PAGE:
Of all the stories that Jesus told, the one in today’s Gospel is surely the most famous. Politicians regularly refer to it, and I was particularly struck to read the account of someone caught up in the mass shooting incident in Highland Park, Illinois last week, who explained that he and his family fled in fear and found refuge “in the apartment of a Good Samaritan.” It’s a story that has become a shorthand for what all that we value in the kindness of strangers.
The odd thing is that everyone refers to “the Good Samaritan”, though at no point in the Gospel is he actually described as good, even though his actions clearly are. We naturally assume that the Samaritan is the hero of the story, the good guy who is a good neighbour, and that the Priest and the Levite who pass by on the other side are the villains. The danger in that is that it has, in the past, led to an anti-semitic reading of the parable – and that cannot be what Jesus, himself a Jew, meant. And the very phrase “Good Samaritan” is, of course, offensive because it implies a prejudice (widespread among Jewish contemporaries of Jesus) that the majority of Samaritans were not good. For that reason, I’m going to refer to Jesus’ story as the parable of the mugging on the road to Jericho.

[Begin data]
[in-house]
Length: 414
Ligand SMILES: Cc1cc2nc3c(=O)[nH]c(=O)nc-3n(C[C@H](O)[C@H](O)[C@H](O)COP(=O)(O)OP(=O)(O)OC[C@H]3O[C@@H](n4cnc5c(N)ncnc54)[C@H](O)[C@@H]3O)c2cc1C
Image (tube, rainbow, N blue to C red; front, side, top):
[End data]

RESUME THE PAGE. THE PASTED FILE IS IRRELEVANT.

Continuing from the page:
So what did Jesus mean when he told this parable? There are clues to that to be found if we focus not on the Samaritan, but on the lawyer whose questioning prompts Jesus to tell the story. The Gospel writer clearly does not approve of the lawyer. We are told that the point of the lawyer’s question is to test Jesus – in other words the lawyer (not a solicitor or an advocate, but an expert in the Law of Moses) is trying to catch Jesus out. Even his way of addressing Jesus – “Teacher” – isn’t respectful. The people who address Jesus as “Teacher” in Luke’s Gospel are critics and opponents, rather than supporters of Jesus. And when we look at the question itself, we find that the lawyer’s thinking is deeply flawed. That isn’t clear in our translation. A more accurate translation would be “Tell me the one thing I need to do to inherit eternal life.”